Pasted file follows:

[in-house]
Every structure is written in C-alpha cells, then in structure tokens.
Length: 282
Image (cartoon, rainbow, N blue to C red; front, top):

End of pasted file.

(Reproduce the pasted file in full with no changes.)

[in-house]
Every structure is written in C-alpha cells, then in structure tokens.
Length: 282
Image (cartoon, rainbow, N blue to C red; front, top):